Today, world leaders are meeting in Paris to discuss climate change at the COP21 conference. They are going to be discussing many issues around climate change from how to lower emissions to how to deal with rising sea levels. It is up to every country to change how their policies to be more sustainable and the wealthy countries that made their riches by exploiting the environment need to do even more. How then, do they decide what to do and based on what information?
The CBC is doing a series of investigations into issues and the like related to climate change that people may still be unclear on. One of their first articles is about how CO2 is measured.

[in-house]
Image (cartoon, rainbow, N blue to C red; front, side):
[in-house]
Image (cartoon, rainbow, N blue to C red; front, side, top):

When we measure carbon dioxide, can we tell how much came from burning fossil fuels?
Yes. The carbon in carbon dioxide comes in different forms called isotopes, namely carbon-12, carbon-13 and carbon-14. Levels of each vary depending on the source of the carbon dioxide, says Doug Worthy, study lead for Environment Canada’s greenhouse gas observational program.
Natural gas, coal and oil each also have distinct signatures for carbon-13, Worthy said.
Meanwhile, higher levels of carbon-14 mean that carbon dioxide sample is mostly from natural sources, such as plants. Lower levels mean it’s mostly from burning fossil fuels.